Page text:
The government's cross-party cycling advocacy group the All Party Parliamentary Cycling Campaign (APPCG) have added their 8-part recommendation to the growing list of criticisms to the Government's Cycling and Walking Investment Strategy (CWIS).
Their list of recommendations, which we cover below, includes criticisms that the government's target to double cycling by 2025 is "unambitious," and that the government should be moving to ensure a minimum investment in cycling of £10 per person rising to £20.
The report also calls for improvements to cycling infrastructure, the deregulation of street designs, and high levels of monitoring both locally and nationally that progress is being made; alongside a clear direction that cycling is a national priority.
The CWIS is the government's delivery on the Prime Minister's 2013 comments that suggested he wanted to start a "cycling revolution which will remove the barriers for a new generation of cyclists."
While the APPCG appears to criticise large portions of the CWIS, its report states that they "welcome the Government's recognition that substantial increases in cycling would provide solutions to a wide range of pressing policy issues."
With that said, Ruth Cadbury, Brentford and Isleworth MP and Co-Chair of the APPCG said that "the Prime Minister has to take the lead and follow through on his pledge to create a cycling revolution."
The 8-point recommendation list is as follows:
- Strong ambition to see a "cycling revolution"
- Greater investment in cycling
- Clear direction that cycling is a national priority
- Robust measures to gauge progress nationally and locally
- Improving quality of cycle infrastructure design
- Deregulation of street design
- An updated Highway Code
- Action to improve enforcement of traffic laws
Since the announcement of the CWIS the plans have been widely criticised. Most of that criticism came from businesses and campaigners during the evidence session last month.
Celebrities like Chris Boardman have also weighed in on the matter. He said that the CWIS isn't "worth the paper it's written on" without adequate funding.
While funding is where the initial criticisms of the CWIS laid, the APPCG pick up the baton by questioning the government's resolve and commitment to this "cycling revolution."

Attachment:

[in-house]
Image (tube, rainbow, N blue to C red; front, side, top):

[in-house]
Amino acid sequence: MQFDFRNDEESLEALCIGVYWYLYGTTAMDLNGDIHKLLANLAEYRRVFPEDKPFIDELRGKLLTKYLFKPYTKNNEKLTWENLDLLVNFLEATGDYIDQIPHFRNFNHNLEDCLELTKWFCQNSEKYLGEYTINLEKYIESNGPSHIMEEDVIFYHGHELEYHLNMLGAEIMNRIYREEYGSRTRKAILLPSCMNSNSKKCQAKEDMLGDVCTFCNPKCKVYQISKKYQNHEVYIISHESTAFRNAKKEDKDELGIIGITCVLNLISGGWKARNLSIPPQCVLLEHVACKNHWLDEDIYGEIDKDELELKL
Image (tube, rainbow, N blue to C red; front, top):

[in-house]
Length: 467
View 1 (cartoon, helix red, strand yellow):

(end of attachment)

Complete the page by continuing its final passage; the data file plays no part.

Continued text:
In their first recommendation the APPCG note that doubling the present proportion of 2% of journeys made by bike is "unambitious," and that we should be looking towards the Dutch 27% as a benchmark. They also claim that the government should be looking to adopt a national target of an 8% increase in bicycle journeys to 10% of all trips by 2025; with the aim of matching our European neighbours in the long term.
Following that call to arms, the group focuses on funding. Interestingly the APPCG are not only looking at the amount of money being invested in cycling, but also its distribution.
The report says that most of the goverment's insufficient £6 per person investment in cycling currently goes to London and a few Cycle City Ambition Grant cities - Birmingham, Leeds, Manchester, Bristol, Newcastle, Norwich, Cambridge, and Oxford.
Co-Chair Ms. Cadbury highlighted the idea that a more equal spread of investment needs to be seen.
She said: "We can achieve similar levels of cycling to our European neighbours, if there is the political will up and down the country to do this. There are good examples of better conditions for cycling around the country, but it must not be a postcode lottery."
The recommendations suggest that the government should be investing £10 per person minimum, rising to £20 in the future.
The report goes on to state the government needs to ensure that cycling is central to community development and economic growth and that monitoring the implementation of that development strategy closely is of the utmost importance.
Infrastructure, and the deregulation of street design is also highlighted in the report. The APPCG say that good practice changes in infrastructure design should be more widely disseminated by the government, alongside endorsing national design standards to avoid councils making similar mistakes up and down the country.
Conversely, the APPCG have also called for the government to deregulate street design. They claim that the government's moves to allow for more innovative street design are welcomed, more needs to be done to simplify many aspects of street design, including the layout of pedestrian and cycle crossings.
Given the release this week of the AA's Chris Boardman-approved take on the Highway Code - and especially the criticisms for patronising cyclists it received - the APPCG's call to update the Highway Code is an interesting one.
They say that the Highway Code should give clearer priority to pedestrians and cyclists, particularly where cycle infrastructure meets side roads.
Finally, the recommendation calls for the government to make good on its promise to review the road traffic laws and to address dangerous and inconsiderate road user behaviour.
Alex Chalk, MP for Cheltenham and Co-Chair of the APPCG alongside Ms Cadbury, said "It is high time we kick-started a true cycling revolution, one that reaches beyond the lycra brigade and benefits all parts of society – particularly women and children."